I labored in the tub for about two hours. The water felt like heaven to me. I was able to lie back with my ears below the water, and the noise of voices and music in the room became a distant murmur. I remember feeling so “zen” in the water… my mind was in something of a trance, such that I was even able to sleep between my contractions! After two hours, Mary-Signe came in to check my progress again and though the baby had descended a bit in the birth canal, my cervix hadn’t dilated any further (all I was told, thankfully, was that we were making progress but needed to try and mix things up a bit to see if we could move things along). I wasn’t happy, because this meant getting out of the tub!
For another hour, I moved around the room, laboring for awhile on the bed, on hands and knees on the floor, and in the bathroom. It hurt so badly to be out of the tub. I remember repeating the phrase, “I don’t know… I just don’t know” and beginning to grow concerned. I could tell things were not going the way the team wanted them to, and worried things were much worse than I knew -- that a trip across the street to the hospital was imminent.
I did know that something had to change, but I had no idea what, or how.
When they checked me at 2:30 a.m. I was still at 7 cm (thank God for my ignorance)! I’m told at this point, Mary-Signe, Holly, and the resident who was assisting, Tess, had a quick pow-wow in the hallway where they speculated that the baby was posterior (face up) and asynclitic (head crooked). They tossed around ideas for techniques to spin the baby, and decided to try everything.
First my doubly talented chiropractor-doula, Holly, gave me an adjustment to be sure everything was in proper alignment in my sacrum and pelvis. Then they used a technique called Rebozo Sifting to gently lift and shift the baby side to side using a scarf while I knelt on all fours. After that, they moved me to edge of the bed and to try a side-lying technique to align my pelvic floor muscles, having me drape my top leg down over the edge and hold it through a contraction. (I screamed bloody murder during this one, it hurt so bad!)
The last thing they tried was called an abdominal lift. They had Ben stand with his back against the wall, and had me lean against him. He put his hands under my belly and lifted the baby up out of the birth canal while I tilted my pelvis forward. This hurt like hell, and I screamed as I felt the baby move up out of my pelvis. They had us do this lift three times, to my agony, but the third time they saw the baby turn in my belly! I told Ben he should become a doula! I could feel a major difference -- this baby was going to be born now! Immediately, my body started bearing down to push, and I climbed back into the water, ready to get this thing done!
I pushed for an hour and ten minutes. It felt so good to be back in the water, but mostly to feel actual progress happen with each push. I felt tired but strong, and increasingly confident. An ambulance went by the window, sirens on and lights flashing. “Is that for me?” I asked, “Because I’m not going.”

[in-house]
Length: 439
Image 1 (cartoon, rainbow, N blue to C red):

Ben sat on the back side of the tub behind me so I could drape my arms over his knees to help hold myself in a squat. My contractions were still two full minutes apart, so the breaks between pushes felt like an eternity, especially once the baby’s head started to crown. I remember having the feeling that comes over you during a good long run, of feeling so physically tired that you actually make yourself speed up so you can get home and rest quicker. If they had let me push between contractions, I would have -- but of course, that would have been an exercise in frustration. Instead I committed to each push with everything in me and tried to make as much progress as possible. When her head came out as far as her eyes they asked me to give the next push everything I had, to try and get the rest of her head and body out in one big push.
Tilja Alice was born at 4:25 a.m. on Thursday, March 27 in the warm water with her mama and papa. They put her immediately on my chest, all newborn-purple and covered in thick, cheesy vernix. She had a full head of black hair and was very calm, as newborn babies go. Ben announced her gender (once mama moved her hand out of the way so they could determine it) and cut the umbilical cord as Patty Griffin’s “Heavenly Day” came on in the background.
People warned us that births never go quite according to plan, but by some miracle, with the amazing intuition and experience of our birth team, Ben and I got to have the birth experience we had hoped and prepared for. I take little credit in the success of our plan, as I felt my own determination wane under the pain I was in for awhile. I know that if I had been offered drugs in that moment I likely would have agreed to them, but because of the quality of care and support of our team, my dream of a natural childbirth was realized.
I have sinced read of many womens’ vastly different outcomes as a result of a posterior, asynclitic baby -- most of them in c-section deliveries after hours of pushing. I am so grateful to the talented women we chose to have be part of our birth team, and believe now more than ever that it is as, if not more important to surround yourself with people who are as committed to your desired outcomes as you yourself are.
We went home to rest and recover four and a half hours after our daughter was born, just as the clinic opened for the day, and began our adventure of parenthood with a fine morning mist -- and big grins -- on our faces.